A person exerts a $15-\mathrm{N}$ force on a cart attached to a spring and holds the cart steady. The cart is displaced 0.060 $\mathrm{m}$ from its equilibrium position. When the person stops holding

the cart, the system cart + spring undergoes simple harmonic motion. (a) Determine the spring constant of the spring. (b) Determine the energy of the system. (c) Write an expression $x(t)$ for the motion of the cart. (d) Draw as many graphical representations of the motion as you can.

Dading C.

Numerade Educator

$*$ A spring with spring constant $2.5 \times 10^{4} \mathrm{N} / \mathrm{m}$ has a $1.4-\mathrm{kg}$ cart at its end. (a) If its amplitude of vibration is $0.030 \mathrm{m},$ what is the total energy of the cart $+$ spring system? (b) What is the maximum speed of the cart? (c) If the energy is tripled, what is the new amplitude? (d) What is the maximum speed of the cart? (e) What assumptions did you make to solve the problem? If the assumptions were not reasonable, how would the answers change?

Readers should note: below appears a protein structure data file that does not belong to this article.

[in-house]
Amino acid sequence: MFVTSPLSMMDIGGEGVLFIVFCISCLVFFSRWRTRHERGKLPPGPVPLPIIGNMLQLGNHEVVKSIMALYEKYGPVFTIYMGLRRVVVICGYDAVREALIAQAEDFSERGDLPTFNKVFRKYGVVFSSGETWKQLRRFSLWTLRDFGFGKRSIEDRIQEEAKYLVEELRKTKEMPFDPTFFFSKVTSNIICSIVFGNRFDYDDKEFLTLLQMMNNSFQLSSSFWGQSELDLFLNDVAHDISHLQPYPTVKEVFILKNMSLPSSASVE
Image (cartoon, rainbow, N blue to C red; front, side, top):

Dading C.

Numerade Educator

$*$ Proportional reasoning By what factor must we increase the amplitude of vibration of an object at the end of a spring in order to double its maximum speed during a vibration? Explain.

Dading C.

Numerade Educator

Proportional reasoning By what factor must we increase the amplitude of vibration of an object at the end of a spring in order to double the total energy of the system? Explain. What will happen to the speed the object? What assumptions did you make?

Dading C.

Numerade Educator

Monkey trick at zoo A monkey has a cart with a horizontal spring attached to it that she uses for different tricks. In one trick, the monkey sits on the vibrating cart. When the cart reaches its maximum displacement from equilibrium, the monkey picks up a 0.30-kg cantaloupe from a trainer. The mass of the monkey and the cart together is 3.0 kg. The spring constant is 660 N/m. The amplitude of horizontal vibrations is 0.24 m. Determine the ratio of the maximum speed of the monkey before and after she picks up the cantaloupe.

Dading C.

Numerade Educator